Bill Bowerman Personal Life and Relationships
Bowerman married Barbara Young on June 22, 1936. They had three sons: Jon, Jay, and Tom. They remained married until Bowerman died in 1999. Bowerman was a devoted husband and father who supported his family’s interests and activities. He was also a generous and humble man who donated money and time to various causes and organizations. He was incredibly passionate about environmental issues and conservation efforts. He also enjoyed fishing, hunting, gardening, and reading.
Bowerman had many friends and admirers in the track and field community and beyond. He was respected and loved by his athletes, colleagues, competitors, and fans. He was also honored with numerous awards and recognitions for his achievements and contributions. Some of them include the National Track and Field Hall of Fame (1981), the Oregon Sports Hall of Fame (1980), the USA Track and Field Hall of Fame (1984), the Presidential Medal of Freedom (2000), and the Oregon Trail State Park (2002).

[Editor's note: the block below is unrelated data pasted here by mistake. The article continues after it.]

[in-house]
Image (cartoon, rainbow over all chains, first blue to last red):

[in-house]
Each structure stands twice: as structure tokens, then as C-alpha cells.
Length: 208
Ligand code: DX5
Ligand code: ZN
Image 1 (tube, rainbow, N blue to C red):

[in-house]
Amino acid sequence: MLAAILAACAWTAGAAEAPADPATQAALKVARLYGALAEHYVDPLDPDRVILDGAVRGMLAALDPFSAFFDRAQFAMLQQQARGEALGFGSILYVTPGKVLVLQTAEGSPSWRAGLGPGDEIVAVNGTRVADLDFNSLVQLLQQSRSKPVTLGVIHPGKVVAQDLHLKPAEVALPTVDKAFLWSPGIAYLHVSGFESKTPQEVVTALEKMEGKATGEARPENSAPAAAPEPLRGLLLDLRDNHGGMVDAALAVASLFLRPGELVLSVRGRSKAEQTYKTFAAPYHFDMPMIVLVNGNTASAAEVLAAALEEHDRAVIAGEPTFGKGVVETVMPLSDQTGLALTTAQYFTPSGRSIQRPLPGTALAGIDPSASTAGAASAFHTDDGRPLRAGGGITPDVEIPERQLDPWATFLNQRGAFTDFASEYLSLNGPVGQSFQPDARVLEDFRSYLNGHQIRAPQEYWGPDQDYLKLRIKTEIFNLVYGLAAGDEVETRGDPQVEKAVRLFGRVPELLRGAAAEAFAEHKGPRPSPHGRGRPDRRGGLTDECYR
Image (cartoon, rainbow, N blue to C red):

Bill Bowerman Net Worth and Lifestyle
Bill Bowerman net worth is estimated at around $400 million as of 2021. He earned his wealth from his coaching career, book sales, Nike shares, patents, and investments. He lived a modest and straightforward lifestyle despite his fortune. He owned a ranch in Fossil, Oregon, where he spent his retirement years. He also owned a house in Eugene, Oregon, where he hosted many guests and events. He drove an old pickup truck and wore plain clothes. He did not care much about material possessions or fame. He once said, “I don’t care what all the billionaires say. The only reason they’re not unhappy is they have a bunch of yes-men around them.”
Bill Bowerman was a legendary coach, a visionary entrepreneur, a courageous soldier, a loyal friend, a loving family man, and an inspiring leader. He left a lasting legacy in the world of sports and beyond. He changed many people’s lives with his passion, innovation, wisdom, and generosity. He was a man who lived by his motto: “If you have a body, you are an athlete.”